Since bananas require fewer steps from farm to being ripe for consumption, the supply chain of bananas is naturally less complicated than that of coffee. Where coffee needs to be grown by a farmer, sent to a roaster for roasting, then shipped to the retailer for sale to the consumer, bananas only need to be grown and shipped to the retailer. Since there are fewer outlets to go through in the process, the banana industry can move its product from farm to consumer at a much lower price than the coffee industry can with its good. The banana growing process is also more straightforward and repetitive, so all part of the process can be reused in one way or another. The old banana plants can be used as organic fertilizer and the plastic wrappings, although not ideal, are reused from plantation to plantation.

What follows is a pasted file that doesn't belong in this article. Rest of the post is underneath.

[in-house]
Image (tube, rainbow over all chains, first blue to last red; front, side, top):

The main threats the banana industry faces is their excessive use of chemicals and the difficult nature of the work required in the banana growing process. Many chemicals are required to keep the product ripe and protected through delivery, and it is seemingly unavoidable to use these things. Further, the work on a banana farm is intense, physically taxing work that requires several hundred people per farm. That being said, I would rather work on a banana plantation than on a coffee farm because it seems more straightforward machete work or sorting bananas than the time consuming process of picking coffee cherries one at a time.